Examining Competitive Intensity and Social Enterprise Performance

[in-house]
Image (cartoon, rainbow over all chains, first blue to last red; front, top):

This thesis explores how Social Enterprises’(SE) manage their economically-driven activities with their mission-related activity and how these impact their relative economic and social performance. Given the little research that has been done on external factors within SEs, competitive intensity and its impact on the performance of hybrid SEs was also examined in terms of how it might influence the above trade-offs. The authors looked at longstanding, social enterprises within the second-hand textile industry as a suitable model for SEs participating in a competitive environment. What the authors found was that while economically-driven activities appeared to have a negative impact on social performance, counter-intuitively, mission-driven activity had a positive effect on both social and financial performance. Furthermore, while competitive intensity has a positive buffering effect between mission-driven activity and both economic and social performance, the opposite is true of economic-driven activity, where competition seems to have a negative buffering impact. These findings demonstrate the need for further research into the role competition plays within hybrid organizations and from a practical position, may inform the strategic decisions of managers who might expect a linear relationship between the type of activity engaged and outcomes.